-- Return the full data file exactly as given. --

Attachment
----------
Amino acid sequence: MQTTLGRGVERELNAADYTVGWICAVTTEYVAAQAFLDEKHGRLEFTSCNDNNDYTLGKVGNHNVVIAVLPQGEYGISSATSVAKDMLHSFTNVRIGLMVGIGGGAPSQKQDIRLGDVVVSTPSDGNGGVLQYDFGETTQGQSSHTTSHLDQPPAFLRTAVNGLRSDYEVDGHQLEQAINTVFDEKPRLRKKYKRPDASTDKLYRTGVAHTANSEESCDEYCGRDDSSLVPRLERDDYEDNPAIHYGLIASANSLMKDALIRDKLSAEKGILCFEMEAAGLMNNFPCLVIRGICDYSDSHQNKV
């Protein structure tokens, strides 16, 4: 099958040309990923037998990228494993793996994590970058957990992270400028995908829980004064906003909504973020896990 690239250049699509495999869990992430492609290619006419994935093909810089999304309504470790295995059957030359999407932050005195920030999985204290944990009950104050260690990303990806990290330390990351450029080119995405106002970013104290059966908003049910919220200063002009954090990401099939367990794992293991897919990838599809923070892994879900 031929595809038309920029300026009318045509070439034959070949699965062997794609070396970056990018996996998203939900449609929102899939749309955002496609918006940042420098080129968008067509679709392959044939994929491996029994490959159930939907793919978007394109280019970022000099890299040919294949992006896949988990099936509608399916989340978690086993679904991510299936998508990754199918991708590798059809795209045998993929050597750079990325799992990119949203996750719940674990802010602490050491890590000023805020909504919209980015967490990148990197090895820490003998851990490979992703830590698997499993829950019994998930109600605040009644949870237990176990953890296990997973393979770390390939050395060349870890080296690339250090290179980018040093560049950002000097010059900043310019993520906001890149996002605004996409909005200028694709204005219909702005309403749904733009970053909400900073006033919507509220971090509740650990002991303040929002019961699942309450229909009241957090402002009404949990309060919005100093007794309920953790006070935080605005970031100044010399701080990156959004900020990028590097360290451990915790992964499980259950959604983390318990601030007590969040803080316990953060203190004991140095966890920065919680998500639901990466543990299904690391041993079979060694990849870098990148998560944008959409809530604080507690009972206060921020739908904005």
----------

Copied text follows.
Amino acid sequence: MQTTLGRGVERELNAADYTVGWICAVTTEYVAAQAFLDEKHGRLEFTSCNDNNDYTLGKVGNHNVVIAVLPQGEYGISSATSVAKDMLHSFTNVRIGLMVGIGGGAPSQKQDIRLGDVVVSTPSDGNGGVLQYDFGETTQGQSSHTTSHLDQPPAFLRTAVNGLRSDYEVDGHQLEQAINTVFDEKPRLRKKYKRPDASTDKLYRTGVAHTANSEESCDEYCGRDDSSLVPRLERDDYEDNPAIHYGLIASANSLMKDALIRDKLSAEKGILCFEMEAAGLMNNFPCLVIRGICDYSDSHQNKV
């Protein structure tokens, strides 16, 4: 099958040309990923037998990228494993793996994590970058957990992270400028995908829980004064906003909504973020896990 690239250049699509495999869990992430492609290619006419994935093909810089999304309504470790295995059957030359999407932050005195920030999985204290944990009950104050260690990303990806990290330390990351450029080119995405106002970013104290059966908003049910919220200063002009954090990401099939367990794992293991897919990838599809923070892994879900 031929595809038309920029300026009318045509070439034959070949699965062997794609070396970056990018996996998203939900449609929102899939749309955002496609918006940042420098080129968008067509679709392959044939994929491996029994490959159930939907793919978007394109280019970022000099890299040919294949992006896949988990099936509608399916989340978690086993679904991510299936998508990754199918991708590798059809795209045998993929050597750079990325799992990119949203996750719940674990802010602490050491890590000023805020909504919209980015967490990148990197090895820490003998851990490979992703830590698997499993829950019994998930109600605040009644949870237990176990953890296990997973393979770390390939050395060349870890080296690339250090290179980018040093560049950002000097010059900043310019993520906001890149996002605004996409909005200028694709204005219909702005309403749904733009970053909400900073006033919507509220971090509740650990002991303040929002019961699942309450229909009241957090402002009404949990309060919005100093007794309920953790006070935080605005970031100044010399701080990156959004900020990028590097360290451990915790992964499980259950959604983390318990601030007590969040803080316990953060203190004991140095966890920065919680998500639901990466543990299904690391041993079979060694990849870098990148998560944008959409809530604080507690009972206060921020739908904005």